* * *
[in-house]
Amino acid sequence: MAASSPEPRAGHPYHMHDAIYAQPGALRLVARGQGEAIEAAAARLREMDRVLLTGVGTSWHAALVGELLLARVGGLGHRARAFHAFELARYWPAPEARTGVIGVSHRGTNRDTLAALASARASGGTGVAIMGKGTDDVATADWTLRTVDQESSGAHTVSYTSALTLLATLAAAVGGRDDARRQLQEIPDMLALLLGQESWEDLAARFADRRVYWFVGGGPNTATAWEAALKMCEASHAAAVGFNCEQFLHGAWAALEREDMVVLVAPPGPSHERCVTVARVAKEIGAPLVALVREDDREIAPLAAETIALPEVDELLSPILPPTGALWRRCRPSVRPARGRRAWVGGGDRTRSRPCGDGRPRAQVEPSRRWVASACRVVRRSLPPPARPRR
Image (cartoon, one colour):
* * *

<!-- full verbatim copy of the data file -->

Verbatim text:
[in-house]
Amino acid sequence: MAASSPEPRAGHPYHMHDAIYAQPGALRLVARGQGEAIEAAAARLREMDRVLLTGVGTSWHAALVGELLLARVGGLGHRARAFHAFELARYWPAPEARTGVIGVSHRGTNRDTLAALASARASGGTGVAIMGKGTDDVATADWTLRTVDQESSGAHTVSYTSALTLLATLAAAVGGRDDARRQLQEIPDMLALLLGQESWEDLAARFADRRVYWFVGGGPNTATAWEAALKMCEASHAAAVGFNCEQFLHGAWAALEREDMVVLVAPPGPSHERCVTVARVAKEIGAPLVALVREDDREIAPLAAETIALPEVDELLSPILPPTGALWRRCRPSVRPARGRRAWVGGGDRTRSRPCGDGRPRAQVEPSRRWVASACRVVRRSLPPPARPRR
Image (cartoon, one colour):